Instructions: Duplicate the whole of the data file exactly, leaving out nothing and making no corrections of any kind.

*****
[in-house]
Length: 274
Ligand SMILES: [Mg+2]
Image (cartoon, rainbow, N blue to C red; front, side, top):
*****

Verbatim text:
[in-house]
Length: 274
Ligand SMILES: [Mg+2]
Image (cartoon, rainbow, N blue to C red; front, side, top):